-We often use the present perfect with ever (= at any time in your life) and never (= at no time in your life).
-We also use the present perfect to talk about something that has recently happened or about an action that started in the past and is still true today.
We often use the present perfect simple with for and since. We use for to talk about the duration of a present situacion, for example, for 30 minutes, for two months. My sister has lived in London for six months.
We use since to show the starting point of a present situation, for example, since 2.00 pm, since Friday, since 2011. My sister has lived in London since September.
-To make the present perfect use have/has. We form the present perfect simple with the present simple of the verb to have plus the past participle.
We also use have/ has and haven´t / hasn´t to form short answers: Have you lived in Canada? Yes, I have.
We add -ed to regular verbs to form the past participle: work → worked, walk → walked, play → played
The spelling rules for other regular verbs are the same as for the past simple tense.
Many verbs have irregular past participle:
buy → bought, do → done, find → found, see → seen, take → taken, teach → taught
The verb go has two past participles forms: been and gone.
I´ve been to work today (And now I´m back)
He´s gone to work today (He insn´t back yet)
We form the present continuous with the present simple of verb to be plus +ing form the verb
We use the present continuous to talk about:
- things happening now. eg. He´s watching the news on TV at the moment.
- things happening around now, but not necessarily at the moment. eg Vicky´s travelling to several African countries this year.
- current trends and changing situations. eg. Fewer people are buying cars this year.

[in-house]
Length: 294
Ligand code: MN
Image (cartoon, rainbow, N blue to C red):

Notice the spelling rules for the -ing form:
- for most verbs, add – ing (walk → walking; play → playing; read → reading)
- for verbs ending in a consonant + vowel + consonant, double the last letter of the verb and add – ing (sit → sitting; run → running)
- for verbs ending in e, delete the final letter and add – ing (make → making; write → writing)
Verbs + -ing
We add – ing to the main verb. The spelling rules are the same as for the present continuous.
We use the verb + -ing form:
- as the subject of the sentence. The -ing form is often a noun. eg. Eating a lot of fruit is important
- after a preposition. I´m very good at playing tennis.
- after verbs such as → like, love, enjoy, prefer, don´t like, hate, can´t stand, not mind as an object. eg. I love walking in the mountains.
like + -ing / would like to
We use like + ing to talk about → a general feeling which is true now.
Richard likes skiing a lot.
Ella doesn´t like listening to rap music.
´d like to (= would like to)
We use ´d like to to talk about a future ambition.
I´d like to visit Kenya next year.
She wouldn´t like to work in an office when she leaves school.
There are two important differences between Must and Can / Could and regular verbs in the present simple:
- There is no third person -s with modal verbs. eg. She must go. I can stay
- There is no auxiliary do whith modal verbs. eg. I mustn´t lose. He can´t play
-Can you introduce yourself? / Could you… ? -> for past interrogative
-Couldn´t -> for past negative
- Have / have to is a regular verb. eg. I have to go. He has to help. I don´t have to play. She doesn´t have to compete.
We use different modal verbs to talk about rules.
- When something is necessary and an obligation, we use must, have to and mustn´t. eg. You must be home at eleven o´clock. You have to finish your homework tonight. He mustn´t leave the house.
- When something is allowed according to the rules, we use can. eg. Yes, you can go to tre cinema on Friday
- When something is not necessary (but allowed), we use don´t have to. eg. You don´t have to wear a suit at the meeting.
- When something is not allowed, we use mustn´t and can´t. eg. She mustn´t tell anybody. He can´t play football tomorrow.
Life. Pre Intermediate. By John Hughes, Helen Stephenson and Paul Dummett.
English File. Elementary By Christina Latham Koening, Clive Oxenden, Paul Seligson /
Third Edition. Descargar